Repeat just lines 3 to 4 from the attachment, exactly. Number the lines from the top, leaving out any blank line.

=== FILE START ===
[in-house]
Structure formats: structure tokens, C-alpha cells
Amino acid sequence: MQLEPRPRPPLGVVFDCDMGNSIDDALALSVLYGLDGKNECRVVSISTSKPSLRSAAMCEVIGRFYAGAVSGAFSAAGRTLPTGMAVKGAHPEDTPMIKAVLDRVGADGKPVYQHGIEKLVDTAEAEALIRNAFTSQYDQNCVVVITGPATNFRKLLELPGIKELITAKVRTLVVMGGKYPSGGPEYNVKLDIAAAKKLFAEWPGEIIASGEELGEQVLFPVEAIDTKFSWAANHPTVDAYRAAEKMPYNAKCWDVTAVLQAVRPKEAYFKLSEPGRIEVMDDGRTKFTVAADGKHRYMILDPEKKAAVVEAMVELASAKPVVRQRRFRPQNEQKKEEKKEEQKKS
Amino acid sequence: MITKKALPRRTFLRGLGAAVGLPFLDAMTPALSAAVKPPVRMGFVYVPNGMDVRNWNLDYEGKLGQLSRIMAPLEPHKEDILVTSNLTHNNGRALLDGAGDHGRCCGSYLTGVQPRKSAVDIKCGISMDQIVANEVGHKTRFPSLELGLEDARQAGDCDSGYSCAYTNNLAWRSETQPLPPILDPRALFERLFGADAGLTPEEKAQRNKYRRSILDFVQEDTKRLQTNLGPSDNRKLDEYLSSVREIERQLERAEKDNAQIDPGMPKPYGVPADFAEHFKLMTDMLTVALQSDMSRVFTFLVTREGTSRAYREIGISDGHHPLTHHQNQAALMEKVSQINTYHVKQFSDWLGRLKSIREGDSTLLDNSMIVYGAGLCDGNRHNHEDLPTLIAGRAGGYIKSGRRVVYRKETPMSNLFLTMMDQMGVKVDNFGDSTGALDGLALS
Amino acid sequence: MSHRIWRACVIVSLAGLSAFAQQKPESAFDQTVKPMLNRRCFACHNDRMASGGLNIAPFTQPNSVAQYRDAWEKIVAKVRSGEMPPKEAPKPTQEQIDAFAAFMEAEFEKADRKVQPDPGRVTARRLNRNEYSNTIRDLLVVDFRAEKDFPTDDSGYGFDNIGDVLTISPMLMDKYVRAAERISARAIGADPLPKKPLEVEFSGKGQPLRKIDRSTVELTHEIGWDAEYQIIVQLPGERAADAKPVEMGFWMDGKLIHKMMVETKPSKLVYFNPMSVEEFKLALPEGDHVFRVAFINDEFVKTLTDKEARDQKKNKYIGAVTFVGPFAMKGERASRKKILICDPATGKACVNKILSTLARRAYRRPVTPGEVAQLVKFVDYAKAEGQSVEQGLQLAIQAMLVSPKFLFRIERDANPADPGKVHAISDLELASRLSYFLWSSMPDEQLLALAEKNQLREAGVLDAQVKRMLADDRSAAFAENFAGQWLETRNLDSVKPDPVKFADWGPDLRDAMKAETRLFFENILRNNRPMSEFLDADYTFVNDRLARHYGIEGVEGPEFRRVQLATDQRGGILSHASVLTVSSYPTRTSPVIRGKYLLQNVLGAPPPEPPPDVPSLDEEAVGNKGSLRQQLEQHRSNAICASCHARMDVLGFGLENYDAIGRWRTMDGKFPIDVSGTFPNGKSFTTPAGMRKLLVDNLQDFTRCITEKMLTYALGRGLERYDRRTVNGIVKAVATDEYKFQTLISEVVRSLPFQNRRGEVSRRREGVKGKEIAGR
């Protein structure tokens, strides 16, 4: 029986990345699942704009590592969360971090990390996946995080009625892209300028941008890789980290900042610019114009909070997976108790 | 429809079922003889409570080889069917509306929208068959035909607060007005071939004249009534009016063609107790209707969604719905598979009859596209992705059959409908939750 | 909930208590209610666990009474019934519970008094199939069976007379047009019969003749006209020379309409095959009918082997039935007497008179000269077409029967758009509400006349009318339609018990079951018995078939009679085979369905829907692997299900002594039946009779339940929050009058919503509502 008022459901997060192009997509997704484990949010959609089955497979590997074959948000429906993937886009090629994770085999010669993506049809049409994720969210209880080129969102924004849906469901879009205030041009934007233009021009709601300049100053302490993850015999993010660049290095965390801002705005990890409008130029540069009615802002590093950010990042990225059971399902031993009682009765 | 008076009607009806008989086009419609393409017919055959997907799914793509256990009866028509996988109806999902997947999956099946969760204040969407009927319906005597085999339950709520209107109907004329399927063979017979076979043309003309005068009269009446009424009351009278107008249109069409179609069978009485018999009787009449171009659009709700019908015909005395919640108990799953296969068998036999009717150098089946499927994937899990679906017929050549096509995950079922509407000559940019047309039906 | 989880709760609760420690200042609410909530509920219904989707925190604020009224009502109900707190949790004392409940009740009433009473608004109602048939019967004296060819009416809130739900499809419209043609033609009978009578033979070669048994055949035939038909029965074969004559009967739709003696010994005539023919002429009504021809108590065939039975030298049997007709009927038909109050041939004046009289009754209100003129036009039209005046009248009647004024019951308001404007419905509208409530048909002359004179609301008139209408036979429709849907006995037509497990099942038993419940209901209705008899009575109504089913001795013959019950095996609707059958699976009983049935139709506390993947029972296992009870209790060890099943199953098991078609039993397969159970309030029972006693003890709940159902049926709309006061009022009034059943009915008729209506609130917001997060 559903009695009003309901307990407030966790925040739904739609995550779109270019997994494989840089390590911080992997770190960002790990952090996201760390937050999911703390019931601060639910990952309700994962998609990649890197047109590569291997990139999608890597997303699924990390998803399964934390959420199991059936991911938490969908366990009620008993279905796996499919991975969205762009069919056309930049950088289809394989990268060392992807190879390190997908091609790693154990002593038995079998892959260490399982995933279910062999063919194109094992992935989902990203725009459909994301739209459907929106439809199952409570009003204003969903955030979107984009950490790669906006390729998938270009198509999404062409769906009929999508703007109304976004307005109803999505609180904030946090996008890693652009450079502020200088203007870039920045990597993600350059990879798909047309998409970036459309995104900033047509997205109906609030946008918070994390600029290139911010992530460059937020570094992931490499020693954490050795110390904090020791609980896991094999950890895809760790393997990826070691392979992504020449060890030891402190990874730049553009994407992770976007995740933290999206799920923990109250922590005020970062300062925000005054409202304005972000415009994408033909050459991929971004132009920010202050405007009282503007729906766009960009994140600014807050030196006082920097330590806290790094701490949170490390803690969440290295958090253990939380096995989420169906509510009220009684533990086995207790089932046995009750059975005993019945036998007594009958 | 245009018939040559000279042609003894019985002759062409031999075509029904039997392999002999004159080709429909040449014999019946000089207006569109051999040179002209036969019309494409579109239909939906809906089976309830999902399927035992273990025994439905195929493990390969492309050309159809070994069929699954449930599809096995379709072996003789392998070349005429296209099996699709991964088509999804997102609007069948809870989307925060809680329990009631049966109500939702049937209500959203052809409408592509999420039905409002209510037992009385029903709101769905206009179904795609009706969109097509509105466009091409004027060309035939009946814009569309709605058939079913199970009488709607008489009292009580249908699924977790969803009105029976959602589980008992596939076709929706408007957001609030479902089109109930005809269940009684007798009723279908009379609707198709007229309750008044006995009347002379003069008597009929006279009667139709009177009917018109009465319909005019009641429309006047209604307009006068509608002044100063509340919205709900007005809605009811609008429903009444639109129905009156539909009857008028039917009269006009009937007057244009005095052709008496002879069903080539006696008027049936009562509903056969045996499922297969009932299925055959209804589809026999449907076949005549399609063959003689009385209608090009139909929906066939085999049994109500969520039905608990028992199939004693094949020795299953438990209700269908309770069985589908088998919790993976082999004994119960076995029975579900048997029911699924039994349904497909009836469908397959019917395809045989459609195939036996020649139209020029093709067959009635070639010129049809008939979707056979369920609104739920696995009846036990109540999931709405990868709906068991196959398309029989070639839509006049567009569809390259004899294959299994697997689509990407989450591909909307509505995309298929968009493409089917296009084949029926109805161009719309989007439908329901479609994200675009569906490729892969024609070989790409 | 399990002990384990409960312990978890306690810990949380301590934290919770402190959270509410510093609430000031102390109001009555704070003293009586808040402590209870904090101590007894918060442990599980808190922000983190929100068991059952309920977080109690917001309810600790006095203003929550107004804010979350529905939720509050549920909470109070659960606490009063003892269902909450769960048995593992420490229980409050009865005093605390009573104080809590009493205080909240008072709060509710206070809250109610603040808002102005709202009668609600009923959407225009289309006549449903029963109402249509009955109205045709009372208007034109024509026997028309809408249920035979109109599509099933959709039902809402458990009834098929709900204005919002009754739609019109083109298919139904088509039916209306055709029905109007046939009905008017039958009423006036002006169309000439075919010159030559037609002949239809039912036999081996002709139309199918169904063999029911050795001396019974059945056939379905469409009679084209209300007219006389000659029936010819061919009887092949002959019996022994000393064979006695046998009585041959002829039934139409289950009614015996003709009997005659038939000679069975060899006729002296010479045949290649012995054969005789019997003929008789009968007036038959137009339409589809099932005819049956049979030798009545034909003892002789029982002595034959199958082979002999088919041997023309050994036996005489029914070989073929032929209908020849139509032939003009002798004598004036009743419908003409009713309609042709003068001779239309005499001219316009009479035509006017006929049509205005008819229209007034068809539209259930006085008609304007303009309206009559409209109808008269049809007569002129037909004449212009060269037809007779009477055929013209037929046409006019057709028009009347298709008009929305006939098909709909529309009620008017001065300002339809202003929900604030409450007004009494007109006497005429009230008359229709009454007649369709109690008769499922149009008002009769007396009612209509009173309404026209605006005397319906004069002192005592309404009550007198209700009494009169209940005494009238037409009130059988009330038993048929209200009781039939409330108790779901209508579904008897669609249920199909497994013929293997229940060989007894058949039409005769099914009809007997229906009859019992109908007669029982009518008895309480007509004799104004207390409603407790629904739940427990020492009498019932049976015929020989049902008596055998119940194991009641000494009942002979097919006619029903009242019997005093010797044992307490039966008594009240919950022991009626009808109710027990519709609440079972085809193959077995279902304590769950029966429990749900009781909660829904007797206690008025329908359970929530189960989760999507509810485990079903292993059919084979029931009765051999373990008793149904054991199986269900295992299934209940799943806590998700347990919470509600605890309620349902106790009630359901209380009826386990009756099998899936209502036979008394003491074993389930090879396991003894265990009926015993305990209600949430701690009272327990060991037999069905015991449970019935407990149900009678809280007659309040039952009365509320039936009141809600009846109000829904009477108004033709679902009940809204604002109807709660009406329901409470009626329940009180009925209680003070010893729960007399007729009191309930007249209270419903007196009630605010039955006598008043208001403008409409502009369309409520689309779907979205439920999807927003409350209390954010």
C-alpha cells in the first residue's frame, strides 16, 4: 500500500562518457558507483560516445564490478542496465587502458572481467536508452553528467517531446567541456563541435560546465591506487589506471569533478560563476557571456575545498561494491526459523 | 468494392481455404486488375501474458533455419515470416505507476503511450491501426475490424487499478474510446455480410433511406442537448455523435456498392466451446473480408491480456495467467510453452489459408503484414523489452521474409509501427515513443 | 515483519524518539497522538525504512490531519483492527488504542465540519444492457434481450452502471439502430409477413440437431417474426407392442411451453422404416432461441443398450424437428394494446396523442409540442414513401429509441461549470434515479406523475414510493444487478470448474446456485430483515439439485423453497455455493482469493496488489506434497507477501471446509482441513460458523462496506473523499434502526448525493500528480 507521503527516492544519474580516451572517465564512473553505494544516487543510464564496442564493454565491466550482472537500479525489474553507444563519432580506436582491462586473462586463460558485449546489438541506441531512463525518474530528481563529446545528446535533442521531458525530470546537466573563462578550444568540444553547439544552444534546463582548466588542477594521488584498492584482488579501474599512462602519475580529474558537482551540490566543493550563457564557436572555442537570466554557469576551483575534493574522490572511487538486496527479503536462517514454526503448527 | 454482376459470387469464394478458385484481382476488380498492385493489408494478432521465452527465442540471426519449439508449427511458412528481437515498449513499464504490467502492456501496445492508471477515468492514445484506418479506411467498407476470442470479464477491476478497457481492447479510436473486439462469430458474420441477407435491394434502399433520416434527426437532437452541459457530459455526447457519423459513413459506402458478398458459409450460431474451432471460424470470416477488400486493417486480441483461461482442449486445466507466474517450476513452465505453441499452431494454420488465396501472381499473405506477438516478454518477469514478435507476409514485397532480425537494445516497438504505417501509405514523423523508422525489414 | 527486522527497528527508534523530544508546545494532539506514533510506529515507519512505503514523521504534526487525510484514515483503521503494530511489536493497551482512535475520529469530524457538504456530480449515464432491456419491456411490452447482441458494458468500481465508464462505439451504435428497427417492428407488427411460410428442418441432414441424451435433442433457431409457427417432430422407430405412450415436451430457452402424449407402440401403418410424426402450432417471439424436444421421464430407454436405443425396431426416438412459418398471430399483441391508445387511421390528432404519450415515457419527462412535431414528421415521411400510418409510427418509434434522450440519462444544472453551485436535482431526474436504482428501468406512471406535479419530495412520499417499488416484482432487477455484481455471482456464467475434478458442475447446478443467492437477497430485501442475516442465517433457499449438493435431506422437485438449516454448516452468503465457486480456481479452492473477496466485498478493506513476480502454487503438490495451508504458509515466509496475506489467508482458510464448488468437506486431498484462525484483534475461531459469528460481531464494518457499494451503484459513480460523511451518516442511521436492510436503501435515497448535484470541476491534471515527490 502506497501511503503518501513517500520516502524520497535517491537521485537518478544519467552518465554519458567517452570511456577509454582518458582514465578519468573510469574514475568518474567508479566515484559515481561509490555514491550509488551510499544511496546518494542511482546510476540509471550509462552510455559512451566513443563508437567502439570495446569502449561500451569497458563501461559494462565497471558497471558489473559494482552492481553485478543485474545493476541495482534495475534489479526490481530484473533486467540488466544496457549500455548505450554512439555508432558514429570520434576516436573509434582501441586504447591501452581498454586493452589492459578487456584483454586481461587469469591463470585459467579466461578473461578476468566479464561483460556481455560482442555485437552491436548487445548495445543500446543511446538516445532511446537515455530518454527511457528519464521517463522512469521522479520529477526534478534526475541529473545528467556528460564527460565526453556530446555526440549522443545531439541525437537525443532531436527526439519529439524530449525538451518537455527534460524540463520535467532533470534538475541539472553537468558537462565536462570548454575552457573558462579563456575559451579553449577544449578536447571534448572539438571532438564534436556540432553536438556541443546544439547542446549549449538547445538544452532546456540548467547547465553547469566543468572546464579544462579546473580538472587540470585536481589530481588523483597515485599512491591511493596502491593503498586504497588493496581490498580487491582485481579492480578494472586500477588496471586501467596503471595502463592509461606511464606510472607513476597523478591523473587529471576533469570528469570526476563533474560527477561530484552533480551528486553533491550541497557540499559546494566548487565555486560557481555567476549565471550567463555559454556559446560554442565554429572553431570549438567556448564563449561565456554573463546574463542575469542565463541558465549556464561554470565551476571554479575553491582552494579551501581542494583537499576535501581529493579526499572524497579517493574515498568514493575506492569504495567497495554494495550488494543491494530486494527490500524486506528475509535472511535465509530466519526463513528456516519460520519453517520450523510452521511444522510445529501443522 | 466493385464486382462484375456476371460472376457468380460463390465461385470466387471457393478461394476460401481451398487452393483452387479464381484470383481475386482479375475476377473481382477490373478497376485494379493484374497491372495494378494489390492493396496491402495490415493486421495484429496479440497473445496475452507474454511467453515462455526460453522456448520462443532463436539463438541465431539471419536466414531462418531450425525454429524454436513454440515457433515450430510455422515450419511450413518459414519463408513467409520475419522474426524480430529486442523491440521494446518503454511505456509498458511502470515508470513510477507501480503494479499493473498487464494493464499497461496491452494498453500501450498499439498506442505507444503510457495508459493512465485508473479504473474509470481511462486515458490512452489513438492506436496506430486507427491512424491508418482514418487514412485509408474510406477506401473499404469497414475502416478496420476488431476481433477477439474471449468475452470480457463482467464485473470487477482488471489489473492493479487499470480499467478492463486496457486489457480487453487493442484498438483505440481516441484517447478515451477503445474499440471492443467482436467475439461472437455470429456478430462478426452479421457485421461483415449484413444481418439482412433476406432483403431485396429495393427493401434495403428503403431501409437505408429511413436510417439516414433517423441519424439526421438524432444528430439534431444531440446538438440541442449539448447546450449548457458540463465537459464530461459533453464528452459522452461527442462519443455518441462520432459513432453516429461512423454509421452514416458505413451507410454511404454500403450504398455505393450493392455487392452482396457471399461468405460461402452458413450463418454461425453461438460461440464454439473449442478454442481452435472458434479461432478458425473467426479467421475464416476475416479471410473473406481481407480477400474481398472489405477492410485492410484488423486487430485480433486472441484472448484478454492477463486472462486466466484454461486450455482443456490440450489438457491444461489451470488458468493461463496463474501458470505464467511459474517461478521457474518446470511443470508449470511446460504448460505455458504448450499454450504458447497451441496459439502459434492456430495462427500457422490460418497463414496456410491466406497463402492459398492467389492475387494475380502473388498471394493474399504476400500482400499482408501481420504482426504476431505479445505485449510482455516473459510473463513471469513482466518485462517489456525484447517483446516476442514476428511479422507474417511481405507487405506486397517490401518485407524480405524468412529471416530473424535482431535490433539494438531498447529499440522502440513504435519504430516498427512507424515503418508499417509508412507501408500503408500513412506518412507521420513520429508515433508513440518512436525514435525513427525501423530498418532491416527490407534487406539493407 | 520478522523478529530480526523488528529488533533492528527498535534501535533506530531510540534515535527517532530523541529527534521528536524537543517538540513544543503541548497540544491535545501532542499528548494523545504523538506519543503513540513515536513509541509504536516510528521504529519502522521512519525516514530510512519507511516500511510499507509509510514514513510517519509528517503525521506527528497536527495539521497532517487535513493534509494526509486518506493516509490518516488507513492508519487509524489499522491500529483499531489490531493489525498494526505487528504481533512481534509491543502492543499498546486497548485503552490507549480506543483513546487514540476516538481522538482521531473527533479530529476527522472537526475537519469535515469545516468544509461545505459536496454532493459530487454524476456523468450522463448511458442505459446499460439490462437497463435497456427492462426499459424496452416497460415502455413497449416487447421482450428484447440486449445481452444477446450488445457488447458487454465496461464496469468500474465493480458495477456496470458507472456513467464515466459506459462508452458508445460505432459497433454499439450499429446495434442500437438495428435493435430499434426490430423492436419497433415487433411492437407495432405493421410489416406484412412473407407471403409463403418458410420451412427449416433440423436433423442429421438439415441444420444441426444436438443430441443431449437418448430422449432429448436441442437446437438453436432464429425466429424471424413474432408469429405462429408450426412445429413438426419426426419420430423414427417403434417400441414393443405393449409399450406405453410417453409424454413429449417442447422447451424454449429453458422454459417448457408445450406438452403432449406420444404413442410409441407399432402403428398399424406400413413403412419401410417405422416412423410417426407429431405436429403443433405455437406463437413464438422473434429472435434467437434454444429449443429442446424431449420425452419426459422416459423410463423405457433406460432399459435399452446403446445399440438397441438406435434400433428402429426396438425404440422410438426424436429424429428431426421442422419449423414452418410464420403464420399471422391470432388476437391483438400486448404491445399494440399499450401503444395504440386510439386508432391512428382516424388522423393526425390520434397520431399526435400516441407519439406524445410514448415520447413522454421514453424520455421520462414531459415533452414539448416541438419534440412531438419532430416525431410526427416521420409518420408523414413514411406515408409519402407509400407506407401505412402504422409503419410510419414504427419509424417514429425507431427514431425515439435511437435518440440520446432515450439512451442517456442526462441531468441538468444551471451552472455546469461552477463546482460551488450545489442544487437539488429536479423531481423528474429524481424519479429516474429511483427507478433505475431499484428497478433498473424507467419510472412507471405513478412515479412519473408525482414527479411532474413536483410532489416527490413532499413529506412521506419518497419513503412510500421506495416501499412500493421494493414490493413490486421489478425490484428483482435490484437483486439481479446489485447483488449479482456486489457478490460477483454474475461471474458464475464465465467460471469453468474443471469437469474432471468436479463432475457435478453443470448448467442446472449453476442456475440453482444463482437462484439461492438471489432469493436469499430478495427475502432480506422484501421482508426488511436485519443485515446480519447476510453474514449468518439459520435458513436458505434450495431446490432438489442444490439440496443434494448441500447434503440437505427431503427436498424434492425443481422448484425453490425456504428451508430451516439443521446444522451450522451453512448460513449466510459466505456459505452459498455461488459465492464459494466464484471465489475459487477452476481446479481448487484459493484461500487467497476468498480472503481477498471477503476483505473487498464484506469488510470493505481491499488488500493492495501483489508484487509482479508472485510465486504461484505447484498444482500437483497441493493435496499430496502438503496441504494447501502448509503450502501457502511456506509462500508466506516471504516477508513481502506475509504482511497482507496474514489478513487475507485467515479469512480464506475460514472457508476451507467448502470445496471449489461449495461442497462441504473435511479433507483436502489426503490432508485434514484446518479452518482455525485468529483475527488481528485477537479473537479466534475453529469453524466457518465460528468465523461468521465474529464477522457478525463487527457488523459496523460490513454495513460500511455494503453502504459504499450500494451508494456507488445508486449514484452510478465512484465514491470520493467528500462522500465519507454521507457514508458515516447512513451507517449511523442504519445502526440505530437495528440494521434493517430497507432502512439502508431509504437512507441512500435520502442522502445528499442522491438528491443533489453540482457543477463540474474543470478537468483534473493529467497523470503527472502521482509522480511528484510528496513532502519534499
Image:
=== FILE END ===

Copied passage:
Amino acid sequence: MQLEPRPRPPLGVVFDCDMGNSIDDALALSVLYGLDGKNECRVVSISTSKPSLRSAAMCEVIGRFYAGAVSGAFSAAGRTLPTGMAVKGAHPEDTPMIKAVLDRVGADGKPVYQHGIEKLVDTAEAEALIRNAFTSQYDQNCVVVITGPATNFRKLLELPGIKELITAKVRTLVVMGGKYPSGGPEYNVKLDIAAAKKLFAEWPGEIIASGEELGEQVLFPVEAIDTKFSWAANHPTVDAYRAAEKMPYNAKCWDVTAVLQAVRPKEAYFKLSEPGRIEVMDDGRTKFTVAADGKHRYMILDPEKKAAVVEAMVELASAKPVVRQRRFRPQNEQKKEEKKEEQKKS
Amino acid sequence: MITKKALPRRTFLRGLGAAVGLPFLDAMTPALSAAVKPPVRMGFVYVPNGMDVRNWNLDYEGKLGQLSRIMAPLEPHKEDILVTSNLTHNNGRALLDGAGDHGRCCGSYLTGVQPRKSAVDIKCGISMDQIVANEVGHKTRFPSLELGLEDARQAGDCDSGYSCAYTNNLAWRSETQPLPPILDPRALFERLFGADAGLTPEEKAQRNKYRRSILDFVQEDTKRLQTNLGPSDNRKLDEYLSSVREIERQLERAEKDNAQIDPGMPKPYGVPADFAEHFKLMTDMLTVALQSDMSRVFTFLVTREGTSRAYREIGISDGHHPLTHHQNQAALMEKVSQINTYHVKQFSDWLGRLKSIREGDSTLLDNSMIVYGAGLCDGNRHNHEDLPTLIAGRAGGYIKSGRRVVYRKETPMSNLFLTMMDQMGVKVDNFGDSTGALDGLALS